Past tense

Level: intermediate

Past tense

There are two tenses in English – past and present.

The past tense in English is used:

  • to talk about the past
  • to talk about hypotheses (when we imagine something)
  • for politeness.

There are four past tense forms in English:

Past simple: I worked
Past continuous: I was working
Past perfect: I had worked
Past perfect continuous: I had been working

We use these forms:

  • to talk about the past:

He worked at McDonald's. He had worked there since July.
He was working at McDonald's. He had been working there since July.

  • to refer to the present or future in hypotheses:

It might be dangerous. Suppose they got lost.

This use is very common in wishes:

I wish it wasn't so cold.

and in conditions with if:

He could get a new job if he really tried.
If Jack was playing, they would probably win.

For hypotheses, wishes and conditions in the past, we use the past perfect:

It was very dangerous. What if you had got lost?
I wish I hadn't spent so much money last month.
I would have helped him if he had asked.

and also to talk about the present in a few polite expressions:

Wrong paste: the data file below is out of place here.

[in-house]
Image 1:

Excuse me, I was wondering if this was the train for York.
I just hoped you would be able to help me.

Past tense 1

MultipleChoice_MTYzMjA=

Past tense 2

GapFillTyping_MTYzMjE=

Take your language skills and your career to the next level
Get unlimited access to our self-study courses for only £5.99/month.

Submitted by Ahmed Imam on Thu, 06/12/2018 - 17:42

Permalink
Could you please help me? When he (reached - had reached) 80, he died. I think both of them are correct, what do you think? Thank you.

Hello Ahmed,

This really depends on the context in which the sentnece is used. It's possible to think of a context when the past perfect would be used, but I think the past simple is much more likely as the sentence is describing a sequence of events which are not connected in any way.

 

Peter